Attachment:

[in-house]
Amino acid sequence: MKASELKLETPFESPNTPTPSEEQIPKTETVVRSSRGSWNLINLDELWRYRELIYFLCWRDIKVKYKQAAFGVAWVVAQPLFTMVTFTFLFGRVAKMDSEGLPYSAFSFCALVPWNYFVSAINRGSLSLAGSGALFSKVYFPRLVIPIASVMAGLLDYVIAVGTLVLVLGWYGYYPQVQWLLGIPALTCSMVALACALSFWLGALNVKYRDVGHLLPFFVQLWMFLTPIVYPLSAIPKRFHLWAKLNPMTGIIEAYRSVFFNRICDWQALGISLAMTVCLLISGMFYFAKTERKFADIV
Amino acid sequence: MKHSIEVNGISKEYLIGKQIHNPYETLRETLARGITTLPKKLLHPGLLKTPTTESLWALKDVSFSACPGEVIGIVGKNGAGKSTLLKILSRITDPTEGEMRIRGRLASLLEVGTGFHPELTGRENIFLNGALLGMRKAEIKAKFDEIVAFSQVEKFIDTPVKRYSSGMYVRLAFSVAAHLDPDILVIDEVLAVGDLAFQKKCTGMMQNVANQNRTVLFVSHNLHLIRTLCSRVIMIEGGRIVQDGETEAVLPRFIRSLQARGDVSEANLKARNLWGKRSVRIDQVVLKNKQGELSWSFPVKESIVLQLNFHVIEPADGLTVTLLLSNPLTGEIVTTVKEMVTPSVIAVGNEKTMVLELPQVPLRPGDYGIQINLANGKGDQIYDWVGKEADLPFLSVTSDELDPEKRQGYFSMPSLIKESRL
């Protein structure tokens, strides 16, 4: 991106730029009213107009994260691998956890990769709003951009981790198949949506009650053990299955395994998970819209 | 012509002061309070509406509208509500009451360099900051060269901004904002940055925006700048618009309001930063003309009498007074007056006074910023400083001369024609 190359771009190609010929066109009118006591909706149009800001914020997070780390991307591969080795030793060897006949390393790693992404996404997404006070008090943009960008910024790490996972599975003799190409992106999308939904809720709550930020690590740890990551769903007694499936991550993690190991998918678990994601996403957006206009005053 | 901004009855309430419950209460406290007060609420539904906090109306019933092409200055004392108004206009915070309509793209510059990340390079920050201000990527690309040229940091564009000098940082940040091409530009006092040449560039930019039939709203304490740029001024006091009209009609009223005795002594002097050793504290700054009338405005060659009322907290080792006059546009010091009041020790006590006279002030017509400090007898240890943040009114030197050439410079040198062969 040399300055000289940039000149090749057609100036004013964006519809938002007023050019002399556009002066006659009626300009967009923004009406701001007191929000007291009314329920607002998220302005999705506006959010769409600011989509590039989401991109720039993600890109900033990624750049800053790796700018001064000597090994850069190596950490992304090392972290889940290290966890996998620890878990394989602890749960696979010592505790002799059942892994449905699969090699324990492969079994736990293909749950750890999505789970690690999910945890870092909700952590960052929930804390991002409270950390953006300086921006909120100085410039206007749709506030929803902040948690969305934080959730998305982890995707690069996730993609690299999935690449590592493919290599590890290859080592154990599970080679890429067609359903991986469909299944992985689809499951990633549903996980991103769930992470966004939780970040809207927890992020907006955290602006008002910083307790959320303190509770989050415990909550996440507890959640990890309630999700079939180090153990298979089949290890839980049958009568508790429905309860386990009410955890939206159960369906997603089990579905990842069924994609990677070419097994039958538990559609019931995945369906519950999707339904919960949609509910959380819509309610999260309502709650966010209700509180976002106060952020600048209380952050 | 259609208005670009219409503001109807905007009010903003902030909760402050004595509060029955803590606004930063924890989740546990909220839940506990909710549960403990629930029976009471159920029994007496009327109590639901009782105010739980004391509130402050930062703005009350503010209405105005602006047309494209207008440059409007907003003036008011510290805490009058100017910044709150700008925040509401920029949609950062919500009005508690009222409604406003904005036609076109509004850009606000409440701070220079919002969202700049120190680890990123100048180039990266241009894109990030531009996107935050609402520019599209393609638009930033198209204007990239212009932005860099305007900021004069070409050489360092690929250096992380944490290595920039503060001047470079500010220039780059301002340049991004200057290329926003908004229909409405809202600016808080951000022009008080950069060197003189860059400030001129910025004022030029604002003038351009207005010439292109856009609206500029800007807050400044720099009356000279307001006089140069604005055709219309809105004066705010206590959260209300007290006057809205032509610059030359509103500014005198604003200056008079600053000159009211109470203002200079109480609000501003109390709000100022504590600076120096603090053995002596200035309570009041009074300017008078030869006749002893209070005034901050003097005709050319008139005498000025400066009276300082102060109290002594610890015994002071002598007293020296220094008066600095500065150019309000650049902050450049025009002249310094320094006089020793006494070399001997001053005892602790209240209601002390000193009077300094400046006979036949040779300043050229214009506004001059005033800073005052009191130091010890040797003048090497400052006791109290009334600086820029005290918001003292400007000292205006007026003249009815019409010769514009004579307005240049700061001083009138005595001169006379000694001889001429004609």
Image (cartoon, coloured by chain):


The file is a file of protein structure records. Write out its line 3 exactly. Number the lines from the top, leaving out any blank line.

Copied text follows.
Amino acid sequence: MKHSIEVNGISKEYLIGKQIHNPYETLRETLARGITTLPKKLLHPGLLKTPTTESLWALKDVSFSACPGEVIGIVGKNGAGKSTLLKILSRITDPTEGEMRIRGRLASLLEVGTGFHPELTGRENIFLNGALLGMRKAEIKAKFDEIVAFSQVEKFIDTPVKRYSSGMYVRLAFSVAAHLDPDILVIDEVLAVGDLAFQKKCTGMMQNVANQNRTVLFVSHNLHLIRTLCSRVIMIEGGRIVQDGETEAVLPRFIRSLQARGDVSEANLKARNLWGKRSVRIDQVVLKNKQGELSWSFPVKESIVLQLNFHVIEPADGLTVTLLLSNPLTGEIVTTVKEMVTPSVIAVGNEKTMVLELPQVPLRPGDYGIQINLANGKGDQIYDWVGKEADLPFLSVTSDELDPEKRQGYFSMPSLIKESRL